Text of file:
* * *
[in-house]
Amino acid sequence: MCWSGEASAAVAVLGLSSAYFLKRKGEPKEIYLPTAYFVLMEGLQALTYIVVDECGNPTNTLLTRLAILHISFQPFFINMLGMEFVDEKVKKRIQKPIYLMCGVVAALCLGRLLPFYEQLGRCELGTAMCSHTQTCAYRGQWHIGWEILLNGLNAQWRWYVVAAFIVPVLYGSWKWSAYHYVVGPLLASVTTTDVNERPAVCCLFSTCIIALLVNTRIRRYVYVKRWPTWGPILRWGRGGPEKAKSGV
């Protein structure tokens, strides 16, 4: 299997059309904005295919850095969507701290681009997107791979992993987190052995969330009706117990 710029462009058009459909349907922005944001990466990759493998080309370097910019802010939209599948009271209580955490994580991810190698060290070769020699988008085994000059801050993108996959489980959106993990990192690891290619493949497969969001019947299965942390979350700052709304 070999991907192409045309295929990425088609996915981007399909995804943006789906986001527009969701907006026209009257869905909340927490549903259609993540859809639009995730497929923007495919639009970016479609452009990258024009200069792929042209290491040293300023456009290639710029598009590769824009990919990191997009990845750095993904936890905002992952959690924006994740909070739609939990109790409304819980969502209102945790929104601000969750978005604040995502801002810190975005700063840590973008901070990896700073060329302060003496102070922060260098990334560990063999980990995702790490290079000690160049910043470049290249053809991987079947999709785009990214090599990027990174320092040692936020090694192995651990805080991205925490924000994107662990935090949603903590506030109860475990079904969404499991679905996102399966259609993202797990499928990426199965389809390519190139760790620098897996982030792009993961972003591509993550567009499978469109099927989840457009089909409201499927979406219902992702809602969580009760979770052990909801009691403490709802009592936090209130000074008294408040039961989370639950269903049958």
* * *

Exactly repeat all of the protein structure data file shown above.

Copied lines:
[in-house]
Amino acid sequence: MCWSGEASAAVAVLGLSSAYFLKRKGEPKEIYLPTAYFVLMEGLQALTYIVVDECGNPTNTLLTRLAILHISFQPFFINMLGMEFVDEKVKKRIQKPIYLMCGVVAALCLGRLLPFYEQLGRCELGTAMCSHTQTCAYRGQWHIGWEILLNGLNAQWRWYVVAAFIVPVLYGSWKWSAYHYVVGPLLASVTTTDVNERPAVCCLFSTCIIALLVNTRIRRYVYVKRWPTWGPILRWGRGGPEKAKSGV
């Protein structure tokens, strides 16, 4: 299997059309904005295919850095969507701290681009997107791979992993987190052995969330009706117990 710029462009058009459909349907922005944001990466990759493998080309370097910019802010939209599948009271209580955490994580991810190698060290070769020699988008085994000059801050993108996959489980959106993990990192690891290619493949497969969001019947299965942390979350700052709304 070999991907192409045309295929990425088609996915981007399909995804943006789906986001527009969701907006026209009257869905909340927490549903259609993540859809639009995730497929923007495919639009970016479609452009990258024009200069792929042209290491040293300023456009290639710029598009590769824009990919990191997009990845750095993904936890905002992952959690924006994740909070739609939990109790409304819980969502209102945790929104601000969750978005604040995502801002810190975005700063840590973008901070990896700073060329302060003496102070922060260098990334560990063999980990995702790490290079000690160049910043470049290249053809991987079947999709785009990214090599990027990174320092040692936020090694192995651990805080991205925490924000994107662990935090949603903590506030109860475990079904969404499991679905996102399966259609993202797990499928990426199965389809390519190139760790620098897996982030792009993961972003591509993550567009499978469109099927989840457009089909409201499927979406219902992702809602969580009760979770052990909801009691403490709802009592936090209130000074008294408040039961989370639950269903049958």